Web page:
The higher strength material may include other low-alloy or medium-alloy steels with higher strength and/or higher corrosion resistance than the low-alloy steel base metal and would be capable of withstanding the applied stresses with a lower ratio of applied stress to yield strength. Lowering the ratio of applied stress to yield strength of the higher strength material would reduce its tendency to initiate fatigue cracking, fatigue crack propagation and ultimate fatigue failure. For example, a high strength alloy such as Alloy 625 may be used to replace and bond with the low-alloy base metal. The choice of the cladding alloy that could be substituted for the partial thickness of the base metal substrate up to 0.500 inches or more would be made on the basis of the ratio of the applied stress to the yield strength of the alloy used for the clad layer.
In some embodiments, the base material may be selectively reinforced with an inlay clad. In other embodiments, the base material may be selectively reinforced with an overlay clad. The clad inlay or overlay may be bonded to the base material using pressure, heat, welding, brazing, roll bonding, explosive bonding, weld overlaying, wallpapering, or a combination thereof. In some embodiments, the cladding may be bonded to the base material using an electric arc welding process, such as a submerged arc welding (“SAW”) process or a tungsten inert gas (“TIG”) welding process. In other embodiments, the cladding may be bonded to the base material using an electric arc weld cladding process, a hot isostatic pressing cladding process (“HIP” cladding), auto-frettage cladding, laser cladding, or a combination of any of these methods. In some embodiments, one or more clad layers may be used, such as a single clad having two layers (base plus clad), a double clad (having 3 layers), or a cladding of up to 7 or more layers.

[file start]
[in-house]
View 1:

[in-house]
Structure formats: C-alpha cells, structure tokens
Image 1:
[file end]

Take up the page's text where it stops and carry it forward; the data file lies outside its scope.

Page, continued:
In some embodiments, the base material may be selectively reinforced with a clad inlay. The clad inlay, in various embodiments, may be shrunk-fit or press fit into recesses cut in the body of the oilfield component, and seam/seal welded in place. In other embodiments, the clad inlay may be shaped according to the FEA stress plots.
The clad inlay or overlay, in some embodiments, may have a thickness or an average thickness of up to 0.625 inches or higher; up to 0.75 inches or higher in other embodiments; and up to 1.0 inches or higher in yet other embodiments. In other embodiments, the clad inlay may have an average thickness in the range from about 0.010 inches to about 0.75 inches; from about 0.050 to about 0.625 inches in other embodiments; and from about 0.125 to about 0.5 inches in yet other embodiments.